Back To CourseCLEP Biology: Study Guide & Test Prep
24 chapters | 224 lessons
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For this lesson, I'm going to start with a question: 'are organisms adapted to their environment, or are they adapted to the organisms around them?' The answer to this question is, quite simply, both. You can't even really say which is the more important factor to adapt to; it's just a fact of nature that every species has to be adapted to its environment, and it also has to be adapted to live with all of the other species that are found in its environment. If an organism can't adapt to its environment, then obviously it will not survive; but the same holds true for other organisms that share its habitat. No matter how well adapted a particular organism is to its environment, if there is another species present that it just cannot find a way to survive with, then it still has a problem and won't survive. As a result, every organism in every habitat has already found a way to survive not only in its environment, but also with all of the other organisms it shares its environment with.
So, given that all organisms are adapted to live in the presence of all of the other organisms in their environment, what would happen if people suddenly added a new species to the environment? First of all, the new species added to the environment would be considered an introduced species because it is a species that is living outside of its native environment and was brought there by human activity. Now, if the species isn't adapted to the environment, it will die. Also, if the species cannot survive in the presence of one or more of the other organisms already in the environment - whether it's because of predation or competition or some other reason - then again, the species will die. However, if that new species can find a way to survive the environment and all of the other organisms around it and begins to breed, then it will start to affect other organisms in the ecosystem. The introduced species has now proven that it can survive in the environment in the presence of all of the native species, or species that are naturally found in an area and were not introduced by humans.
Now the question becomes: what will happen to the ecological balance, or the condition of equilibrium among the different species in an ecosystem? Now that the introduced species is a factor in the ecology of the ecosystem, it will now probably compete with some native species for resources, change grazing patterns in the ecosystem or change the predator/prey dynamics. Who knows, it could do all three! If it's an herbivore, grazing patterns are likely to be changed. The introduced species may specifically target a certain type of plant that before was not heavily grazed upon, or maybe it simply outcompetes a similar herbivore that is the only prey item for a particular predator. If the introduced species is a plant, it will compete with other plants for water, sunlight and nutrients. What will happen then, if only certain types of herbivores can eat the introduced species and the native plants that the other herbivores can eat have their numbers reduced because the introduced species is outcompeting them for sunlight or water? Or what if the introduced species is a large predator and it's introduced into an ecosystem where there are no native large predators? In all of these cases, several native species populations can be impacted by just one new species.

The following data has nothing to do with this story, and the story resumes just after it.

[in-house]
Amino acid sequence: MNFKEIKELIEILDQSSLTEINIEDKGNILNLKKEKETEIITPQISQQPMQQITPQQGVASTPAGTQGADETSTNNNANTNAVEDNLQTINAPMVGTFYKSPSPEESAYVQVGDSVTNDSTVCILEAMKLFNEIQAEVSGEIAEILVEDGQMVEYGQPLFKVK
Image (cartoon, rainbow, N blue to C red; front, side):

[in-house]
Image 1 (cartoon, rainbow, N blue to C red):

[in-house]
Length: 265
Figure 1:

As you can see, there can be a domino effect if the introduced species affects native species A, which then in turn affects native species B, which has an impact on native species C, and so on and so forth. These types of scenarios lead us to ask the question: which native species can survive in an ecosystem with the introduced species? If there are some native species which cannot survive alongside the invasive species, then they will go locally extinct, which is when a species ceases to exist in a local area. Local extinction of one or more native species is a likely outcome when an introduced species becomes established.